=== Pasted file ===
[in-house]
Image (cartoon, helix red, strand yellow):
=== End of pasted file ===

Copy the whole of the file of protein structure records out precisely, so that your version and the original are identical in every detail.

[in-house]
Image (cartoon, helix red, strand yellow):